The Ordovician Extinction

This is the first severe mass extinction in the earth’s geologic history. It occurred at the end of the Ordovician Period when most life forms were restricted to the seas. This event entirely wiped out many species of brachiopods, trilobites, bivalves, and coral groups.

Scientists believe that the movement of Gondwana to the southern hemisphere of the earth caused the event. The migration resulted in the formation of large glaciers, which subsequently caused a reduction in the sea level. The glaciation evidence can be found as glacial deposits in many parts of the planet, including the Sahara Desert.

The low sea level and the cold temperature of the water bodies destroyed several habitats. The beginning of the late Ordovician ice age and changes in the water composition may have also contributed to the event. 

sahara desert
Glacial deposits in the Sahara Desert may be evidence of the mass extinctions that occurred in the Ordovician Period.

©MrLis/Shutterstock.com

The Ordovician Climate

At first, the climate fluctuated between periods of warm conditions and periodic cold. The air and water temperatures were about 120 degrees Fahrenheit and 110 degrees Fahrenheit on average at the equator. The high concentration of carbon dioxide at the time may have been why the temperatures were that high. This may have caused the delay in organism diversification in the early Ordovician Period. However, the temperature dropped significantly due to the glaciers that formed towards the end of the period.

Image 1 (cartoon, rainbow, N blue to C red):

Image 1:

Life of the Ordovician Period 

Many species emerged in place of their Cambrian ancestors in the Ordovician period. Although not as much as during the Cambrian explosion, marine life still multiplied fourfold. The majority of life that existed during the Ordovician period was marine. Though not as advanced as what we have now, Ordovician life was more developed than that of the Cambrian period. The Ordovician organisms included articulate brachiopods, corals, bryozoans, gastropods, and non-vascular plants.

Marine Life

There was the formation of new species in the Ordovician. The cephalopods were the major predators at this time. Their modern relatives are squids and octopuses. One of the most popular ones was the Orthoceras. This was a strange creature with its feet projecting outwards from its head. There were also brachiopods characterized by bilaterally symmetrical shells. Other invertebrates that populated the Ordovician waters were sponges, corals, and primitive fish. 

The living fish species at the time were small and jawless. The fish were referred to as agnathans which translates as jawless fish. They fed on organic matter on the seafloor by sucking and filtering them in. They had tiny shield covers on the frontal part of their bodies. An example of the Ordovician fish is the Ostracoderm. The descendants of these armored fish that exist today are the lampreys and hagfish.